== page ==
Or you can "opt down". This means you continue to contribute 1% of qualifying earnings. The downside of this option is that, under the rules, your employer is no longer obliged to make his or her contribution.
Steve Webb, policy director of Royal London and one of the architects of auto-enrolment when a pensions minister, urges people to consider the importance of getting "free money" from their employer, as well as the tax relief.
"If you give up on that contribution early in your working life, the cumulative impact could be enormous," he says.
"It could be the difference between enjoying a comfortable retirement, or being forced to work on past traditional retirement ages because you cannot afford to retire."
Beth Fryer is a 22-year-old assistant gardener on the Wiston Estate in West Sussex.
Up to now, she has been paying 1% of her income into her pension, amounting to just under £10 a month. From April, her contributions need to rise to 3%, or just under £30 a month.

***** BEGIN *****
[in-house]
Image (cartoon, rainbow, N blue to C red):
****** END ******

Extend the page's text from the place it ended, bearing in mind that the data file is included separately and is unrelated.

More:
Since she is saving for her first home, she is not sure whether she can afford the extra.
"A pension seems so far in the future," she says.
"What I'm going to need sooner is a deposit for a house, rather than that money from the pension.
"But I also know that the money does add up, and if your employer is matching what you put in, then that is a really good thing to have."
After talking to work colleagues, she thinks she will at least opt in for a while, even if she has to rein in her spending.
Richard Goring manages the Wiston Estate, a family-owned business since 1743.
If any of his 22 employees did opt out of auto-enrolment, he would no longer have to make a 1% contribution.